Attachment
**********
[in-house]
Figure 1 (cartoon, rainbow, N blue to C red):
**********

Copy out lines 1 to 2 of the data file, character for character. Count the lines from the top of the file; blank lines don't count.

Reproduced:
[in-house]
Figure 1 (cartoon, rainbow, N blue to C red):